Quinsy, Abscess of Tonsil, Peritonsillar Cellulitis
What is peritonsillar abscess?
A peritonsillar abscess is a collection of pus between a tonsil and the tissue at the back of the throat. It usually occurs as a complication of tonsillitis. It can significantly prolong recovery from tonsillitis. Peritonsillar abscess occurs most frequently in young adults. The infection may begin with a simple tonsil infection that spreads within the soft tissues at the back of the throat before it actually forms an abscess. Thus the total area of the infection can be quite extensive. Very often this abscess is caused by streptococcal bacteria but it can also be caused by other organisms. If the abscess does not respond to antibiotic therapy, it must be surgically drained. Because a peritonsillar abscess tends to recur, the tonsils are usually removed (tonsillectomy) after abscess healing is complete.
How is it diagnosed?
History: Symptoms may include a painful throat (especially when swallowing) headache, high fever, impaired speech, and drooling.
Physical exam: Examination of the throat reveals redness with swelling of the tonsils and surrounding tissues. The uvula may be swollen and displaced to the unaffected side of the throat. The collection of pus that forms the abscess can be directly observed. Lymph nodes in the neck are swollen and tender.
Tests: A throat culture may be done to rule out a streptococcal infection. A complete blood count (CBC) examines the body's white cell response to the infection. Also, an x-ray of the neck may be ordered to rule out other diagnoses.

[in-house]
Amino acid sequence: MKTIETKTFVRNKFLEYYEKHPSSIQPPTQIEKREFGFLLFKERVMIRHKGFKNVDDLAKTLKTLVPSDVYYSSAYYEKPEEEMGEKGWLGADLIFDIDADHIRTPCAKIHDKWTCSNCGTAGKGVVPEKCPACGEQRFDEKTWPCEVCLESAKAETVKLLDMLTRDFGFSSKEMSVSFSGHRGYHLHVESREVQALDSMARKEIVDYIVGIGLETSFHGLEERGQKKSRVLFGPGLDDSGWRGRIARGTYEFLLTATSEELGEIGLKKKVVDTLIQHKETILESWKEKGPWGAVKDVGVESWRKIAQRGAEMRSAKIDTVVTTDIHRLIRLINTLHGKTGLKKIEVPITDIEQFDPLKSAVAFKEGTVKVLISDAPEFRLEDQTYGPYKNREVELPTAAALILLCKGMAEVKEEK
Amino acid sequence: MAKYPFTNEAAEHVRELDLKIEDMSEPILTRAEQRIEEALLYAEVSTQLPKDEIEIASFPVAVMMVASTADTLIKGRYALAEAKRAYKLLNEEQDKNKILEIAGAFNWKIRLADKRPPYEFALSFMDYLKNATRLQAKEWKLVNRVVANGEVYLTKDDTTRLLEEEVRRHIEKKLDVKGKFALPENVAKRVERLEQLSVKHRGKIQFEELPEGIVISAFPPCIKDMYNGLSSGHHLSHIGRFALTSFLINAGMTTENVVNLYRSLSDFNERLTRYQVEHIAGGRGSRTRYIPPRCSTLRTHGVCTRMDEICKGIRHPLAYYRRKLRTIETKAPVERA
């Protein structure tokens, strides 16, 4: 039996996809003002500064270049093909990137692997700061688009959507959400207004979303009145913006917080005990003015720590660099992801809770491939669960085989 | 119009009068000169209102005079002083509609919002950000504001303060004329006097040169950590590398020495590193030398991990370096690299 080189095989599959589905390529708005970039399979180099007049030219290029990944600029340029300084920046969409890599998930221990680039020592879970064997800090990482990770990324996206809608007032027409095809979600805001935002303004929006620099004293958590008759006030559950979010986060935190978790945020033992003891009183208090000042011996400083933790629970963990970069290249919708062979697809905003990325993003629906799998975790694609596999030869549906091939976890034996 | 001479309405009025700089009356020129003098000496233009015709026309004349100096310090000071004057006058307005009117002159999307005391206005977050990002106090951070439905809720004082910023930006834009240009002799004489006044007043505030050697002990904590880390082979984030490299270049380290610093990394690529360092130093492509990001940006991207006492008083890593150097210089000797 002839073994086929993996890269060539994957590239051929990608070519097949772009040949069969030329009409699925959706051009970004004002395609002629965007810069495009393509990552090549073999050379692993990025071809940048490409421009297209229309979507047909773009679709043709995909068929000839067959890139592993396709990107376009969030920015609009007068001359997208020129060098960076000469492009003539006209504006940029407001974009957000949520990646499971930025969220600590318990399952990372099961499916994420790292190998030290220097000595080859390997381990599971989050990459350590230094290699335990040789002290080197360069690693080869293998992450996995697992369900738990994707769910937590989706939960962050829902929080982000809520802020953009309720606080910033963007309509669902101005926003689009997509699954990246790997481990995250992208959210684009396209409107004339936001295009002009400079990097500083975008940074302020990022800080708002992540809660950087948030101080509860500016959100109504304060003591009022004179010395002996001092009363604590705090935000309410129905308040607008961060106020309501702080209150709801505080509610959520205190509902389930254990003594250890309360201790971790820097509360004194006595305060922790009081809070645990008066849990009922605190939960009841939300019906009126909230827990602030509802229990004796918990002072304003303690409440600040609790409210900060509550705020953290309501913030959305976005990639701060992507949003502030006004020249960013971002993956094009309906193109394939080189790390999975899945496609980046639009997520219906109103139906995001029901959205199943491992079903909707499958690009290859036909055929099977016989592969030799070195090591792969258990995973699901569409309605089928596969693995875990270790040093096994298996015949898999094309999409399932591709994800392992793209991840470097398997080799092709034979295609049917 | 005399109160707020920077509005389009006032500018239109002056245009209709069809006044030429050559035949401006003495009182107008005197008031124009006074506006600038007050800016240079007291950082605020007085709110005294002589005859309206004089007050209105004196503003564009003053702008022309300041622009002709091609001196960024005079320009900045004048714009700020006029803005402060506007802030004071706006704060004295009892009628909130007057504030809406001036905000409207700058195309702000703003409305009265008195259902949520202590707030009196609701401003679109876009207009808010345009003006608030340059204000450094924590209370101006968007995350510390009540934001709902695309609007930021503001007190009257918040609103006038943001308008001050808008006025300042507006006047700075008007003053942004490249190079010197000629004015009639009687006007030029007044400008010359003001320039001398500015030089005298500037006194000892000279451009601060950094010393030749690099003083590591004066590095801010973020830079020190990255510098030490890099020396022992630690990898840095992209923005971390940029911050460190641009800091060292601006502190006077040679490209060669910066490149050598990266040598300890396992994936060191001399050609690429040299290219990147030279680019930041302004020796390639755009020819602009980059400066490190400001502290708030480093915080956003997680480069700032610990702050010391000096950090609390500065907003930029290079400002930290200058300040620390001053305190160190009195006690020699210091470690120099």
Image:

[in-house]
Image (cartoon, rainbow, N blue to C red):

How is peritonsillar abscess treated?
The infection must be treated with antibiotics. The abscess itself usually requires surgical incision and drainage. Pain relievers (analgesics) may be given for the throat pain. Rest and a diet of cool, easily swallowed foods such as pudding and ice cream is recommended. Because peritonsillar abscesses tend to recur, a tonsillectomy is recommended when the infection is cleared, usually about six weeks after the abscess was treated. In some cases immediate tonsillectomy is performed in order to both drain the abscess and prevent recurrence (Quinsy tonsillectomy).
What might complicate it?
Complications include the spread of the underlying infection into spaces in the neck and chest, the lining of the lungs, or the heart. Pus may be aspirated into the lungs, causing pneumonia. If the infection or swelling pushes the tongue upward and backward in the throat, the individual's ability to breathe may be compromised.
An individual with uncomplicated peritonsillar abscess can expect full recovery in a relatively short period of time. However, because a peritonsillar abscess tends to recur, the tonsils are usually removed (tonsillectomy) after abscess healing is complete.
Last updated 18 December 2015